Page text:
Numerous options exist when you’re purchasing home furniture at a major retailer, consignment or thrift store, trendy boutique or online. But, no matter where you buy, you want the best quality for the cost. So, how do you make the best selections?
Depending on what you’re buying for what purpose, it comes down to a few key characteristics and types of furniture. But, the best way to buy indoor furniture is to employ the strategies of interior designers and custom furniture makers. So, we asked one of each and here’s what they told us.
Interior designer, Elissa Grayer of Elissa Grayer Designs, says be careful when buying home furniture based on price. “Low price often means low quality. That can mean low-quality and toxic materials were used to make the pieces,” she explains.
She warned that chemicals found in home furniture can be dangerous to your health and that of your family. That includes flame retardants that emit potentially deadly and carcinogenic toxins when burning.
Grayer, who helps her affluent design clients buy luxury furniture on a budget, further warns to avoid furniture made by low-paid, offshore labor or mostly by machine. Custom furniture maker, Keith Jordan Constantino of Jordan & Nicholas, agrees. “Cheap furniture isn’t going to hold up well or last very long,” he says.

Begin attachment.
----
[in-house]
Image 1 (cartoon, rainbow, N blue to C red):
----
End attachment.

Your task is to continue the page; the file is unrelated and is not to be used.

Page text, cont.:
Conversely, says Grayer, “If you’re buying furniture you expect to replace anyway like family or kids room furniture, you may not want to spend as much on the furniture.” But, that doesn’t mean buy cheap furniture, which includes most furniture assembled at home.
If the price of a piece of furniture seems too low, even if it’s on clearance, you should ask why the price is so cheap. If the answer makes you uncomfortable, don’t buy that furniture. Apply the same standards to custom furniture makers.
Two types of home furniture represent the highest quality: wood and upholstered. Plastic, glass, Lucite and metal furniture are alternatives if you buy from the right sources but you’ll pay a premium for the highest quality. For a family home, wood and upholstered are best and most cost-effective so we’ll focus on those here.
But, whatever you buy, you should carefully examine the furniture you’re considering, preferably at a retail location. However, it doesn’t matter where you buy furniture—online or local retailer—the best furniture is constructed the same way. Here are some keys to selecting the best home furniture.